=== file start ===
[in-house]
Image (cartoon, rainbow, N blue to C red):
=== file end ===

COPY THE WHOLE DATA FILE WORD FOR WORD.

[in-house]
Image (cartoon, rainbow, N blue to C red):